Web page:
Clean, Green Fun for Kids!

Summer is just around the corner, although it may feel like it’s already started. Summer break is a great time to inspire your kids to appreciate our natural environment. Environmental activities help kids understand why the environment is important and provides them with the building blocks they need to live eco-friendly and sustainable lives. Check out these five simple eco-friendly activities for kids.

1-Recycle veggie scraps into compost

Did you know about 30% of our household trash is food waste? It’s easy to divert this “resource” away from the landfill through backyard composting. Composting is a fun and rewarding way for kids to watch natural processes in action and they’ll think twice about wasting their uneaten vegetables. Follow this easy guide and try out composting at home this summer.

2Plant a butterfly garden

Kid or adult, who doesn’t enjoy having butterflies around! Your garden will also attract hummingbirds, bees and other pollinators who need our help. It’s a great way for children to learn about the cycle of life and explore the relationship between plants and animals. Here’s an easy guide to get started. For examples of great plants for The Woodlands, check out this list.

3-Turn trash into treasure by making recycled paper

Here’s a fun way to show kids how paper that’s recycled curbside turns into something new. All you need are a few supplies found at home to make a brand new sheet of paper from old newspaper. Follow the instructions here.

4-Litter cleanup day

Enjoy a walk outdoors and help keep our community beautiful at the same time by picking up litter. The Township has litter grabbers and bags available for loan any time of the year. Check out The Woodlands Litter Cleanup Guide here.

5-Eco-movie night with Jack Golden

Grab the popcorn and settle in for movie night with a special online viewing of Garbage is My Bag: The Movie starring Jack Golden!

What do you do when a trash bag is so full you can’t fit it into the garbage can — or a town landfill is overflowing and polluting water supplies? ……..Call a “trashologist”!

In “Garbage is My Bag“ – an award winning performance program for school kids – Jack Golden is the comedic “expert”, Dr. T, who delves into a mountain of trash — and an even bigger bag of vaudeville and circus tricks — in search of answers to these questions. With a “Ph.D. in Garbology”, a zany and irresistible personality, and a marvelous trash-to-treasure-o-matic recycling machine, he juggles and jokes his way through a world of waste. Dr. T will teach you that rubbish is a resource that is just too good to throw away. Find your ticket to the movie here or watch the video below.


For more fun activities, check out The Woodlands Township’s Summer Action Guide here for programs by Environmental Services or Parks and Recreation.

Recycling Guidelines

Keep The Woodlands recycling program going strong by refreshing your knowledge of curbside guidelines. Above all, follow the Golden Rule of Recycling: place only the approved items in your recycling cart. Items other than those specified are considered contaminants. Common contaminants included plastic bags, tanglers (cords or string), food waste, hazardous waste, and Styrofoam. These itemsharm machinery, endanger  workers and reduce the value of the approved materials.   

Many items that don’t belong in your curbside cart can be recycled locally. Findwhere to take plastic bags, electronics, Styrofoam, batteries and more with The Woodlands Township’s Recycle More Guide.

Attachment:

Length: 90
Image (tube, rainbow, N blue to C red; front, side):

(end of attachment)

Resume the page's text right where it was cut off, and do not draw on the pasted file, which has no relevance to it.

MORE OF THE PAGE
Did you know? Half of the contamination found in our recycling is bagged recyclables. Are you collecting recyclables in a bag? Simply empty the contents into the cart. Take clean plastic bags back to grocery stores for recycling. Trash the dirty ones. Share this tip with three friends or neighbors to keep our recycling program strong. 

For more information about recycling, visit www.thewoodlandstownship-tx.gov/recyling 

Check out these recycling tips from previous blogs:      


Questions or comments?

Email enviro@thewoodlandstownship-tx.gov


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Recycling Dilemma #1009: Caution, that pizza box is cheesy!

Pizza nights are a common family tradition – over 93% of Americans enjoy the cheesy pie at least once a month. And most of us think recycling the box when we’re done is the right thing to do. We are right, aren’t we? Well, sort of.  

If you are an avid recycler, and we know you are, trashing any piece of cardboard goes against your nature. But, placing cardboard and paper soaked in oil, sauce and cheese in the trash is the right thing to do! Food and grease are the most frequent and costliest contaminants in the paper recycling process.  

If the top half of the box is clean and salvageable, cut or tear off the clean part for recycling and trash the greasy part. If the extra cheese on your pizza sticks to the top and bottom the top of the box, trash it. It’s better this way! 

Please note some cities recycle pizza boxes because their recycling facility is equipped to do so and there is an end market for soiled cardboard. Greasy cardboard may work in some areas, but not in ours. Here, they only contaminate the good material. Find out more about local recycling contaminants here.  

Food-soiled pizza boxes and paper products are considered contamination. Each year, contamination costs the recycling industry over $700 million in damage to machinery, unanticipated disposal costs, inefficiency, lost time and wasted materials. 

Help keep The Woodlands recycling program successful by sharing the 4-1-1- on pizza boxes with friends and family at your next pizza party! 

Check out these recycling tips from previous blogs:     

Questions or comments? Email enviro@thewoodlandstownship-tx.gov